San Giusto a Rentennano Percarlo (1.5 Liter Magnum) 2010
Sangiovese from Tuscany, Italy
Percarlo is made from 100% estate grown Sangiovese grapes, especially selected bunch per bunch, from the best zones of our vineyards. Notwithstanding the variations from year to year which occur in every wine faithful to its terroir, each vintage of Percarlo possesses constant characteristics which give it a precise, recognizeable identity. It is a wine with long ageing potential, a robust expression of the San Giusto a Rentennano terroir.
Vinous / Antonio Galloni - "The 2010 Percarlo is shaping up to be one of the elite wines of this great Tuscan vintage. Even today, the 2010 is remarkably seamless, balanced and integrated, with fine tannins, beautifully delineated fruit and exceptional overall balance. Layers of dark fruit, graphite and exotic spices build to a crescendo of aromas and flavors that captivates the senses. Although it is early, it certainly looks like the 2010 Percarlo is set to take its place as one of the greatest wines ever made at San Giusto."
San Giusto a Rentennano Winery
San Giusto a Rentennano, a name of Etruscan origin, overlooks the upper course of the Arbia river in the farthest south Chianti Classico wine zone. The estate began life as a medieval monastery of Cistercian nuns and was called San Giusto alle Monache ("of the Nuns"). In 1204 it was fortified by the Florentines, after a treaty established it as their boundry with Siena. Only portions of the ancient fortification still stand, its crenellated battlements, massive barbican wall and underground vaults, used today as the ageing cellars for our wines.
The medieval estate of San Giusto a Rentennano came into the Martini di Cigala family through marriage in 1914. In 1957, it was inherited by Enrico Martini di Cigala and in 1992, by his nine children. Today Anna, Lucia, Elisabetta, Francesco, Alessandro and Luca are partners in the estate company. View all San Giusto a Rentennano Wines
About TuscanyView a map of Tuscany wineries (TUSS-can-ee) Sangiovese. Most of the wine coming from Tuscany is made from some clone of this varietal, but a growing trend, started by the renegade winemakers of those Super Tuscans, is to incorporate more international varietals.
Notable FactsThe most well known sub-districts of Tuscany are Chianti, Brunello di Montalcino and Vino Nobile di Montepulciano (note that Montepulciano here refers to the local village, not the grape variety found in the Italian region of Abruzzi). Wine labeled from these regions is DOC-regulated and Sangiovese-based blends. Quality wine from these DOC areas has been on the rise for decades, with top-notch winemakers and wineries shedding the low-quality image once held for Tuscan wine by producing consistently outstanding bottlings that range from deliciously drinkable to highly ageable. Newer to the scene are regions like Bohlgeri and the Maremma, home to of what are now termed "Super-Tuscans," named for the wine coming from the Tuscany area, but not following all of the DOC or DOCG laws required in Italy. In the 1970's, some pioneer winemakers began buying land outside of Chianti and Montalcino, and planting not only Sangiovese, but also international varieties like Cabernet Sauvignon and Merlot. The wine they produced only fit into the lowest Italian category of "vina da tavola," but the winemakers sold the wine for high prices, creating an almost cult following, and spurning a new wine category called IGT.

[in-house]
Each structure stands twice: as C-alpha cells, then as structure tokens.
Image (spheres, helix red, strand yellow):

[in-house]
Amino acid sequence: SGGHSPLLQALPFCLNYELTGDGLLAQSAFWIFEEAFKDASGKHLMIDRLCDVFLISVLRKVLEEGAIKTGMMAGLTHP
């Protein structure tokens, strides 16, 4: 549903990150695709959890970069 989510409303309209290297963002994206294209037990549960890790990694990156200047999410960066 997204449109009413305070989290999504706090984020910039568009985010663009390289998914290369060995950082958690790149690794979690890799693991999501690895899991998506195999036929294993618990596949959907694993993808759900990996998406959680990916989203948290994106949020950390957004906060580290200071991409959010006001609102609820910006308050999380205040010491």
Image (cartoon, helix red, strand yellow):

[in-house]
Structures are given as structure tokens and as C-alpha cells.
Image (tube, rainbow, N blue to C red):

A little ditty about Italy...This country has about as many wines as its had governments. With 20 different regions, hundreds of DOCs and even more indigenous varieties, the amount of wine made in Italy is mind-boggling. Most of the juice, however, remains in the country for thirsty Italians. Wine is food in Italy and its rare that a meal is consumed without a glass of vino. That said, it's not common to find many folks drinking wine without food either. In turn, it's a match, and a mighty good one at that. In fact, it's safe to say that Italian wine is a foodie wine – one that goes on the table for a myraid of meals.
For regions, the most popular are Tuscany (home of Chianti), Piedmont and the Tre-Venezie, which includes Veneto, Trentino Alto-Adige and Friuli. Other communes of note are in Southern Italy, and a few good wines are made elsewhere in the country. The islands of Sardinia and Sicily are members of the Italian winemaking community as well.
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